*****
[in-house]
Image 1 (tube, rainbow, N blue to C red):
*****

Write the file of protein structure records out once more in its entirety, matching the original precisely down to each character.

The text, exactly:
[in-house]
Image 1 (tube, rainbow, N blue to C red):